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A city in which legend and history co-exist

A busy harbour city where the lines between myth and history are blurred, Heraklion – also known as Iraklio – is one of Greece’s largest cities and the capital of Crete (the largest and most populous of the Greek islands). The city and its environs make for a wonderful base for a Crete villa holiday.

Heraklion is noted for its proximity to the famed Palace of Knossos, the island’s most important archaeological site. Once the seat of power for the Minoan thalassocracy (naval power), the extensive ruins were discovered by British archaeologist Arthur Evans in the early 1900s and he coined the term ‘Minoan’ after legendary King Minos (son of Zeus, and stepfather of the Minotaur).

Fast forward centuries and back in the bustling metropolis, villa holidaymakers will enjoy exploring the Archaeological Museum and museums of religious art and natural history, as well as the massive Venetian fortress, which sits at the entrance to the old port. While strolling around the Old Town, demarked by Venetian Walls, don’t miss out on seeing the 10th-century Agios Titos church and the Morosini Fountain.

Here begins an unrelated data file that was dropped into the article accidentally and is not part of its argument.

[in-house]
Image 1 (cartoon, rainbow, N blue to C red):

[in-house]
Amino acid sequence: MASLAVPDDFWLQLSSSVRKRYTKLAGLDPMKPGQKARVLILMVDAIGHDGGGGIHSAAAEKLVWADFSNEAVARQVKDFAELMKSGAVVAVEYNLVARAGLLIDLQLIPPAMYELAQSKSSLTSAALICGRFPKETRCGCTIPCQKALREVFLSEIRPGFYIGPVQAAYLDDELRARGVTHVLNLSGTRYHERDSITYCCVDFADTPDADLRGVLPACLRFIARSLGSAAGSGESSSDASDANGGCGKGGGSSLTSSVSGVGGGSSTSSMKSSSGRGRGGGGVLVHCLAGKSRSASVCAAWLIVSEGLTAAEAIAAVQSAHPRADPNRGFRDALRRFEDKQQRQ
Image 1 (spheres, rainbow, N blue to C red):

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About Heraklion

Crete’s seaside capital, Heraklion, despite its history, was mostly built up after World War II and it had a real-life, real-city appeal with markets, a café culture based on traditional kafeneions (coffeehouses), labyrinthine streets, public squares centred around Turkish and Venetian fountains.

The island’s cultural roots lie at the 4,000-year-old ruins at Knossos and having explored the site, history lovers should head to Heraklion’s Archaeological Museum, which houses an impressively large collection of Minoan artefacts, including examples of ‘Linear A’, the Minoan written language.

The city also offers a multitude of other attractions too that blend the old and new including numerous museums and galleries, the Venetian fortress that guards the harbour, fountains and churches. When all the sightseeing is done, an array of charming eateries serve up regional delicacies that incorporate local cheese and honey, washed down with the island’s anise-flavoured aperitif, tsikoudia (also known as raki).

Don’t miss out on the shopping opportunities while in Heraklion. There are plenty of ceramics, souvenirs, art, and local food products to be purchased in artisanal boutiques and the fun markets.

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